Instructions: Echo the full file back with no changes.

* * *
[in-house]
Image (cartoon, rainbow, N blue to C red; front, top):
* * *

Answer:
[in-house]
Image (cartoon, rainbow, N blue to C red; front, top):